The Patient Protection and Accountability Care Act (ACA) is changing health care financing and care delivery since it was signed into law in March, 2010. There is the promise for improved insurance coverage for many, but also the concern for cost limiting measures. In particular, there is a call for altering Medicare and Medicaid and for demonstration projects to monitor cost effectiveness in the name of improved quality care. This is of particular interest to Medicare since an estimated 11% of Medicare expenditures have been allotted to postacute care (PAC) (i.e., IRF, SNF, Long-term care hospitals, outpatient services, home health agencies) in 2012,18 PAC is one of the fastest growing expenditures within Medicare, and PAC systems have wide variation geographically related to spending.18,19 Rehabilitation services and devices are one of the 10 essential health benefits that are covered; however, individual states define the coverage and possible expansions of coverage. State Medicaid coverage plans developed through the ACA were studied using 2010 data and focused on people with stroke and IRF utilization; 4 states (TN, TX, SC, WV) did not cover IRF services.20Rehabilitation teams are the mainstay of PAC, providing coordinated care and safe discharge planning. Existing quality measures for IRFs depend on teams for increases in functional gains, medical stability, and discharge to home within a relatively short time frame. In fact, the ACA promotes coordination of care and communication among providers, both concepts within the definition of teams, to improve quality of care through Accountable Care Organizations (ACO). Yet, teams and coordination of care are expensive propositions, in large part because of the number of personnel involved. Making decisions about LOS, equipment, or ongoing rehabilitation services may be more biased by imposed “report cards” based on quality proxies such as LOS, total cost, or discharge destination. Inpatient rehabilitation programs and services are likely to be further affected by the ACA.19

Educational issues

Since teams are at the foundation of PM&R, resident education in team functioning is an essential part of training. ACGME PM&R Program Requirements note that residents must work within effective interprofessional teams and maximize communication.21 The ACGME Milestones recognize the team approach within 4 of the 6 reportable competencies, with Systems-Based Practice devoting an entire milestone to participation in and leadership of team functioning.22 All milestones relate to communication and coordination to ensure high quality and safe patient care.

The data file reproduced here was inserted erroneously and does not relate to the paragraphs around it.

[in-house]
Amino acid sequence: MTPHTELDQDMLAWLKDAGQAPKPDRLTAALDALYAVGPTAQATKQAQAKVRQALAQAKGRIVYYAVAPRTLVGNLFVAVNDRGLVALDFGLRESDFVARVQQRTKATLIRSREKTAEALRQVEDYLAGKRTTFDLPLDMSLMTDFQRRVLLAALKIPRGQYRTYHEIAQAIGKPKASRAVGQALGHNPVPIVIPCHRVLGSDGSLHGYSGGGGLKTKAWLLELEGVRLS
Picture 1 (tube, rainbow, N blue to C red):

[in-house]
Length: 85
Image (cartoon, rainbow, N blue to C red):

However education about team functioning is usually not structured or formalized. This is true not only for resident physicians, but also for other members of the rehabilitation team. Strasser, et al. developed a training program for stroke rehabilitation teams, consisting of an off-site workshop focusing on team dynamics and use of program evaluation data, action plans for process improvements, and periodic consultation over a 6 month period. Patients treated by those teams who had participated in formalized training were more likely to make functional gains than those treated by staff receiving information only.23 Wheelan identified 5 stages of team development (dependency and inclusion; counter dependency and fight; trust and structure; work and productivity; termination). From this, a group development questionnaire (GDQ) was developed which can provide the developmental stage of a team, and then allow a process improvement project to improve effectiveness.24 Identification of strengths and weaknesses in an objective manner may allow focus on goal achievement, structural approaches, and clarity of roles to enhance effectiveness.


The Department of Veterans Affairs Polytrauma System of Care is an integrated network of specialized rehabilitation programs that serve Veterans and Service Members with both combat and civilian related Traumatic Brain Injury and polytrauma. The program recognizes the increasing complexities of medical care requiring integration with social, financial, educational and vocational resources, the need to engage families as a part of the team, and coordination of care through team processes across diverse and multiple medical centers and programs in both inpatient and outpatient settings. Strasser et al advocate for further evaluation of complex care coordination and geographic dispersion of care,25 with possible replication in the private sector.

Quality improvement projects are now required for hospital programs and physicians participating in Maintenance of Certification. Projects can be focused on measurements of team member behaviors, team education, and team effectiveness and assessment of effect on patient outcomes.26


While teams are integral to rehabilitation, there is a paucity of research and publications related to the rehabilitation interdisciplinary team process, functioning, and effectiveness. There appears to be a connection between team effectiveness and patient outcomes. However, a definition of team functioning, the needed characteristics of a team or team members and leaders, or determination of modifiable factors have not been clarified. Teams continue to be promoted in healthcare as a solution to improved coordination of complex care, despite the lack of science that defines team functioning, cost, or cost effectiveness.


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Author Disclosure

Margaret A. Turk, MD
Nothing to Disclose

Andreea D. Nitu-Marquise MD
Nothing to Disclose